Sanmar Properties Limited, one of the top real estate companies in the country, has been razing greenery along with hills nearby Bangladesh Forest Research Institute in Chattogram city's Sholoshahar area for a twin multistory apartment block project.
Around hundred of trees and other vegetation were shaved off to make space for the project titled "Sanmar Knightsbridge at Duncan Hills", which is in progress without approval from the Department of Environment (DoE).
Locals alleged that the real estate company engaged its excavator and dump truck to cut the hills at night. A large part of it has been cleared for the project.
DoE Chattogram (metro) ordered Sanmar Properties to stop their work and issued a notice on October 5, asking its director to explain why legal action won't be taken against them.
Mia Mahmudul Haque, deputy director of DoE Chattogram (metro), told The Daily Star that Sanmar Properties applied to secure approval for building retention wall for the project in December last year.
DoE asked them to get approval from Hill Management Committee headed by the divisional commissioner of Chattogram in a letter sent to them on March 10 this year and submit it to DoE, he said.
The company did not respond to their letter yet, he said, adding that DoE gave them another reminder on August 31 this year.
But before getting any approval, Sanmar Properties started cutting greenery and hills, which had a rich biodiversity as it was habitat for various species of snakes.
They razed around 100 trees there, he added.
The tree cutting took place on the hills and hill slope, which may end up impacting the binding capacity of the soil. It could even prompt a massive landslide there in case of downpour, he said.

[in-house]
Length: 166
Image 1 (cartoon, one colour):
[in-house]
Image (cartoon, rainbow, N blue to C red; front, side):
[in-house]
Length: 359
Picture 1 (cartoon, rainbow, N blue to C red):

"As they did not comply with our instruction, we issued them a notice, asking to stop the work and appear at DoE office on October 18 for a hearing," the deputy director said.
Contacted, Mainul Haque, senior manager (admin) of Sanmar Properties Limited, said the hills and trees belonged to them. "That's why we do not need any permission to cut the trees."
"The allegation will only arise when we will cut the hills, which did not happen yet," he claimed.
Mentionable, Bangladesh Environment Conservation Act 1995 (amended in 2000) clearly states cutting hills without having approval from the environment authorities is prohibited.
Also, many locals alleged that Sanmar Properties razed trees and hills for the ongoing project.
When pointed out, Mainul Haque said, "We obtained permission from CDA for the project. Approval from DoE is under process with its Dhaka office. They served us a notice, we will give our explanation then."
He kept on repeating the same statement to all the questions this correspondent had afterwards.